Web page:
Adam, a for-hire photographer, and Dr Lawrence Gordon, wake up to find themselves chained by the leg to the pipes at opposite ends of a public toilet, armed only with hacksaws. They figure out they're being held captive by a serial torturer who forces his victims to kill themselves, or to kill one another to save themselves. A taped message informs Dr Gordon that his must murder his cellmate by 6pm, or his kidnapped wife and child will die.


"Saw" is the kind of empty torture-porn movie that should be impossible to swallow - but isn't. People do terribly cruel things, unnecessarily, all the time. It didn't feel all that different to watching the bombing of Baghdad, or seeing photos of the torture at Abu Ghraib.

Despite the fact that we should be used to witnessing such evils, "Saw" is still revoltingly scary. Why? Not only because it's gory, but also because its success shows that we are getting used to the idea that terrible cruelty and moral authority can be partners.

Ah it's just fun, it's just a movie, people say.

Well yes, you could laugh the whole way through it. Or you could worry that filmmakers are pushing the boundaries to the point where mainstream films are beginning to resemble atrocities like the pornographic cult movie, "Cannibal Holocaust". "Saw" embraces the idea that all is fair in love, war, pornography and horror.

All the victims in Saw appear unlikeable and weak as if to justify the moral authority of their torturer. In their stupidity, their selfishness and their sinfulness, they seem to earn their hellish torture. Each time they make a mistake, or in any way breach the family values system, they are punished completely out of proportion to their crimes.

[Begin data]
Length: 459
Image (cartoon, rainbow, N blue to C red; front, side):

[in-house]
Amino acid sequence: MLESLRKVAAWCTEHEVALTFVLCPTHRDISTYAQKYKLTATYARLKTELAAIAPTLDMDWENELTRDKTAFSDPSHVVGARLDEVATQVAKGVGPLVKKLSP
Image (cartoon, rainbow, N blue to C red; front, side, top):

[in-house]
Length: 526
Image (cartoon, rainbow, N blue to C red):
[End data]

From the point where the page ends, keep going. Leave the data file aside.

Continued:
In Saw's world, the divine power to judge and punish has become the domain of mere humans. Characters are pornographically humiliated without the sick sense of fun that Tarantino relies on in "Reservoir Dogs", or the human appeal of David Fincher and Andrew Kevin Walker's "Se7en".

Horror is, and always has been about Europeans and Americans exploring their worst fears en mass and so it reflects the nature of society at the time. When teen sex was taboo but happening, the monsters always killed the slutty girls first ("Spam in a Cabin"). When we feared mass movements and mob violence, horrors showed us being attacked by hordes of mindless zombies ("Night of the Living Dead"). When we became aware of the power of other cultures, it was Native American graveyards ("Pet Cemetery"). And now we fear cruel dictators, and the threat they pose to our families and our freedom. That's why "Saw" suits the world of 2005 so well. In it, a serial killer toys with his victims, much as a torturer serving an evil regime would with his helpless prisoners.

But despite the film's relevance, in the end, it's not very good. The acting is often amateurish (the words "Made for TV" spring to mind). The stars are all big names but they do nothing more than trundle out stock action movie characters - the flawed but doting father, the cop driven mad by an unsolved case... etc. The result is that the movie's creators exploit serious themes without having the courage to develop convincing characters, and really deal with issues sympathetically, or make meaning of the horror. In fact, I suspect that the filmmakers weren't even aware of what they were saying.

So, see Saw, but beware of taking it too lightly. Sure, it has all the marks of a typical popcorn thriller. Sure, the obligatory twist in the tale ending is the subject of flame wars and plot related debates on movie message boards. But because torture, death, misery and gore are not "just good fun", it leaves you feeling only half woken from a very bad dream when it ends.

- Jean Barker